The NY Times tells us that climatarian is “so 2022.”
Instead, now we are regenivores.
Our Food’s Carbon Footprint
Whereas a climatarian preserves what is by eating sustainably, regenivores look for carbon reducing policies that create what could be. The common thread though is what they expect from the corporate world.
In a March 2022 study, 1027 participants said they were more likely to care about their food’s carbon footprint in a supermarket:
Selecting milk, in 2009, Tesco became the first major supermarket chain to display a carbon footprint. Their goal, they said, was to help customers grasp climate change with 500 labels by the year’s end. During 2012, though, they ditched the initiative. Their reason was the complexity and that no others had followed their lead. They said it would take centuries to label all of their 70,000 products. Now, a decade later, still supermarket carbon footprint food labels are sparse. The one example I could find was the Danish cooperative chain, Coop.
By contrast, green labeling at restaurants seems to have become more palatable. With large chains like Just Salad, Panera Bread, and Chipotle adding the labels, we might have a movement that is gathering momentum in their monopolistically competitive market.
At Chipotle, you can check if your lunch had a reduced carbon foodprint.
Our Bottom Line: Carbon Footprint Standardization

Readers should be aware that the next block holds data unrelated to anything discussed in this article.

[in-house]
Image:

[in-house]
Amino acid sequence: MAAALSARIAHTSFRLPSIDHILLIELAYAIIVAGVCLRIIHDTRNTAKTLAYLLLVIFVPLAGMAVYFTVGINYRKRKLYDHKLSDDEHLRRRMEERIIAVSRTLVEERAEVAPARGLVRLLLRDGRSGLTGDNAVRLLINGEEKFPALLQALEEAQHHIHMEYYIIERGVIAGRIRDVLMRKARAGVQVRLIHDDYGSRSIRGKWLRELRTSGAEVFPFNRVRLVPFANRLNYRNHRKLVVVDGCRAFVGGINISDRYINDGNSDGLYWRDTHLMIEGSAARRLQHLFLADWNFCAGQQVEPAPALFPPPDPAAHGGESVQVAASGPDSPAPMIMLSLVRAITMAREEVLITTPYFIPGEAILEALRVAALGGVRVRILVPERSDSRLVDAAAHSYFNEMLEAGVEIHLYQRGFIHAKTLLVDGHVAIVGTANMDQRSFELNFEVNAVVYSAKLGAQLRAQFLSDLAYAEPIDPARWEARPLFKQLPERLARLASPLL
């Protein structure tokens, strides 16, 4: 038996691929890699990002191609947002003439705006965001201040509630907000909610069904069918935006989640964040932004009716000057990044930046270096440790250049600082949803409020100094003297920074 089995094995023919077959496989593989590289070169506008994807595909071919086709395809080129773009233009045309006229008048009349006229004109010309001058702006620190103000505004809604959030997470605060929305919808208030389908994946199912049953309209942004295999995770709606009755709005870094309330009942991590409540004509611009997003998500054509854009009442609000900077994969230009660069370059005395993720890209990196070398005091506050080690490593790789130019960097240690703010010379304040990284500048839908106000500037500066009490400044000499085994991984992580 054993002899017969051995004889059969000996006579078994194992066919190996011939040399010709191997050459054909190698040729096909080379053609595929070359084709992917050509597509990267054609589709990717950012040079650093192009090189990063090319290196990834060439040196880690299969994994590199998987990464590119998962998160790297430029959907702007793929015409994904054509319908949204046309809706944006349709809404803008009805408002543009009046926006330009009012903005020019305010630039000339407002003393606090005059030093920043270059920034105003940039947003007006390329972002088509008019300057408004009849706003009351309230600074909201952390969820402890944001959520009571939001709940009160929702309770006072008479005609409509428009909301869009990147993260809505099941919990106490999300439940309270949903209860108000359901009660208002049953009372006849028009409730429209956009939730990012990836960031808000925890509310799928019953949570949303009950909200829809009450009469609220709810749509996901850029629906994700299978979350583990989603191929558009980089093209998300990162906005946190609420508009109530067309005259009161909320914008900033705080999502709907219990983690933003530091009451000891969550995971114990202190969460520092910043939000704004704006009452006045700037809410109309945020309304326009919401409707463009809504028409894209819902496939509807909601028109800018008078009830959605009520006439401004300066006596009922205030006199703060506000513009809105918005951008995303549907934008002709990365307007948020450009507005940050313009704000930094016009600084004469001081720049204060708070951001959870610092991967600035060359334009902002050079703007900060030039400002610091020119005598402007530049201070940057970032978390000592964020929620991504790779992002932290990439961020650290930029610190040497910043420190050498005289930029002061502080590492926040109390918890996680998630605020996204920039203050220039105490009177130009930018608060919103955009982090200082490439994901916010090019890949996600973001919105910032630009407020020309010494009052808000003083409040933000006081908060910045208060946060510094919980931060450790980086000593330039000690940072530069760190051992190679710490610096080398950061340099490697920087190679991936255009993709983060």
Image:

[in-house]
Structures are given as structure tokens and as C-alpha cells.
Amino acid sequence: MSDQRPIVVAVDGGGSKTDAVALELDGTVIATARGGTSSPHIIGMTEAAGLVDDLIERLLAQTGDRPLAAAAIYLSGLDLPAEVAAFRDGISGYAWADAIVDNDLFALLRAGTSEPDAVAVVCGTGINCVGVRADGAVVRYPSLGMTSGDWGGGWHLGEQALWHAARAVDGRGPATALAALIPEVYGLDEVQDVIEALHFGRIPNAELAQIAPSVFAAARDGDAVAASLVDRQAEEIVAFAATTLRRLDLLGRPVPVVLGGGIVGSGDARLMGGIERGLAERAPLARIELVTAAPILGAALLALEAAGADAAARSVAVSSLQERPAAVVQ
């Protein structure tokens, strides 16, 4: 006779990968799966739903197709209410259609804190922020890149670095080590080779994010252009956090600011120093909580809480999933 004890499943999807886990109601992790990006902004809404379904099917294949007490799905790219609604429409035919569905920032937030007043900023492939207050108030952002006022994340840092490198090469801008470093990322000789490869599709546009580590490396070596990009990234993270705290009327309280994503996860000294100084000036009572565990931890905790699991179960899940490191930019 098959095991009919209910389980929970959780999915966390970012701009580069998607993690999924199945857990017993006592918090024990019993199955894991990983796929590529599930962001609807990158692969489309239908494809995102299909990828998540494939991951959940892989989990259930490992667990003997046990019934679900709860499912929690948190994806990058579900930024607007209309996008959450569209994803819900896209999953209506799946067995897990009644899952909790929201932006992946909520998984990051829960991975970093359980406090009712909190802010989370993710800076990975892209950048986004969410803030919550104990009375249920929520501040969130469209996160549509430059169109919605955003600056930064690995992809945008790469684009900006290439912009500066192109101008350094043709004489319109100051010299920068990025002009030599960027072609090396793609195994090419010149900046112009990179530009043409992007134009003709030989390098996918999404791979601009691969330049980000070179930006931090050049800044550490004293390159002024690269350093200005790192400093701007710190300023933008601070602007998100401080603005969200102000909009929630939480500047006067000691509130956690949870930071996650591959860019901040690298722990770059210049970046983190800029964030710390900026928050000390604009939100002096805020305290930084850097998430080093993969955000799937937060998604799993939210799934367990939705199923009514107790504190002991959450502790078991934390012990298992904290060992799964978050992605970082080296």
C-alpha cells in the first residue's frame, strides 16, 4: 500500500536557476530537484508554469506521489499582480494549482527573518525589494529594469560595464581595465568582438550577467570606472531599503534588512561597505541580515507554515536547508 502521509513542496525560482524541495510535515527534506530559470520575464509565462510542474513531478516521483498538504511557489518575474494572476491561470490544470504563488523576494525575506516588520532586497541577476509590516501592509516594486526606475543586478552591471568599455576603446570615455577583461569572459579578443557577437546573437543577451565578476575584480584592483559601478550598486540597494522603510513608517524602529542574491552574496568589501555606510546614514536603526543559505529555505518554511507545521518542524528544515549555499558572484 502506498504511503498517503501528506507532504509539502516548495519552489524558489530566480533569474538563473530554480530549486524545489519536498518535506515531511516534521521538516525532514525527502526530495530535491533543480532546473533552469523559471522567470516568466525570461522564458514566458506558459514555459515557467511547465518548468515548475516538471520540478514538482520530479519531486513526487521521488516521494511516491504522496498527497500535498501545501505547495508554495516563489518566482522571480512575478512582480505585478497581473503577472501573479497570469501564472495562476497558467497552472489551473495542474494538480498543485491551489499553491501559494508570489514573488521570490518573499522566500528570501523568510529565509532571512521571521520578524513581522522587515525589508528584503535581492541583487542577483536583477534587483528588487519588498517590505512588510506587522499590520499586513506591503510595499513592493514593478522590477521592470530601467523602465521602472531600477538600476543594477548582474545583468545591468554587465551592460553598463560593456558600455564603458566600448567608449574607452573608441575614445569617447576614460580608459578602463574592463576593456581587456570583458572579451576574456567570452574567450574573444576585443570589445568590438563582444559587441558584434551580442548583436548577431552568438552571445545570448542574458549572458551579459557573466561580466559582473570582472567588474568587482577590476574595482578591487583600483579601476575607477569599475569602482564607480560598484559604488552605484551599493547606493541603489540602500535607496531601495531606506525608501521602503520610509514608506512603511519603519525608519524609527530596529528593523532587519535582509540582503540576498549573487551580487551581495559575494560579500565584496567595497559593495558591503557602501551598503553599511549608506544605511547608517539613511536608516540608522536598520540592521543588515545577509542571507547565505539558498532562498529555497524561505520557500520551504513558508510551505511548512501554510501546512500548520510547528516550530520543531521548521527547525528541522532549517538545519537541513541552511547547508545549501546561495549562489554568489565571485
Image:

The people that calculate the environmental impact of a product might have measured the water given to livestock, the fertilizer that was or was not sprayed, the refrigeration during transport. They could have included the consumer’s impact. Or maybe not.
And that is the problem.
In 18th century France, you can see why all of us need standardization. The size of a pint could have varied by 20% between villages. And that was just one metric. Imagine dealing with many when buying and selling merchandise. It helped the market considerably when two scientists defined the size of a meter during the 1790s by calculating the distance from the North Pole to the Equator and dividing it by 10 million. Once they knew the size of a meter, they said the kilogram was “a cubic decimeter of rainwater at 4 degrees Celsius.” One result was a platinum kilogram cylinder. But the bigger impact was the standardization of a wide array of weights and measures. Traveling from one city to the next, you knew the length of a meter.
Looking at the carbon footprint of some of Britain’s favorite foods, we do not know if their production and transport were similar. And maybe you, like I, do not know what a 1.5kg equivalent means:
Yes, taking some strides forward, the SEC has proposed rules for standardized ESG reporting. But all of it reminds me of Mandelbrot’s British coastline. The closer you look, the more infinite its length.
My sources and more: Thanks to yesterday’s Bryan Lehrer Show for alerting me to the climatarian phenomenon. From there, Jennifer Kingston’s climatarian article had more detail with links to the NY Times and Kearney consulting. Meanhile, a Just Salad sustainability link was helpful for a firsthand picture of a corporate initiative as were narratives about the Tesco label saga, here and here. Please note that most of “Our Bottom Line” paragraph on standardization history was in a previous econlife post.